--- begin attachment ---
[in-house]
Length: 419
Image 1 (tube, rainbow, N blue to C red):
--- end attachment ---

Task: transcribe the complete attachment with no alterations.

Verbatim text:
[in-house]
Length: 419
Image 1 (tube, rainbow, N blue to C red):